Kuber Chalise, Kathmandu

 

Hida Budha jate Sakya muniti…

Shakyamuni Buddha was born here’, thus wrote king Ashok, one of the greatest servants of Buddhism, on the Pillar (Ashok Stambha) he erected at the birthplace of Lord Buddha in Lumbini some 300 years after the Maha parinirvana of the Buddha.

Basanta Maharjan, a free-lance journalist, tries to unveil the importance and glory of this holiest of holy sites for Buddhists as well as historically-inclined readers, in his book Lumbini A Historical and Archaeological Study.

From shedding light on the etymological origin of the word Lumbini, the book goes on to give us a detailed report of the findings of various excavations carried over the years, beginning from Dr Fuhrer in 1896.

He pores through the findings of Lumbini excavations carried out by Nepal, Japan, and India at different times. Once the truth and historical veracity of Lumbini has been established, Maharjan mentions, Japan’s contribution to the conservation of Lumbini has been the greatest.

According to Maharjan, Lumbini still needs a great deal of conservation work and protection to be developed as one of the leading tourism and religious sites in the world.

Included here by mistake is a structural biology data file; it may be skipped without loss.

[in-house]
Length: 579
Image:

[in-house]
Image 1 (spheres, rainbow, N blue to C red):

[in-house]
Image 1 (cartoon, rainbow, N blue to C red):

The author claims, with the help of various scriptures, that Lumbini had al ready earned fame during the life-time of the Buddha himself. According to Buddhist scriptures, four places namely Lumbini – the birthplace of Buddha, Bodhgaya the place he attained enlightenment, Sarnath the place he preached first to his five disciples, and Kushinagar the place where he attained Mahaparinirvana are very important. Among them Lumbini, according the author, the birthplace of the Light of Asia, holds

greater significance. Maharjan mentions about the historical famous pilgrims who had visited Lumbini more than two thousands years ago to pray at Lumbini. Building on this premise, he speculates on the existence of a monastry or some kind of structure in ancient times.

Later the place was completely forgotten, until Dr Fuhrer found the Ashok Pillar and decoded the Brahmi writings that king Ashok in scripted on it verifying Lumbini as the birthplace of Buddha.

King Ashok has, accord ing to the author, erected more than 40 pillars throughout Nepal, India, Pakistan and Afghanistan in his mission to spread Buddhism.

The labour put in by the author in rearranging the time period and historical sequencing of events relat ed to Lumbini from the birth of Buddha till date is evident. It however, could have done some of the redundancies and repetitions.

His effort to list the gamut of archeological findings and historical evidences are admirable. The pictures of different objects and places found in excavations along with site-maps, used abundantly in the book, add value to his work.

Maharjan has also men tioned earlier works of scholars on Lumbini, which can help other researchers to work on the topic further.

He however has depend ed more on accounts from secondary sources for this book. Though he has tried to cover most issues related to Lumbini, he has left many others avenues related to Lord Buddha for further exploration.

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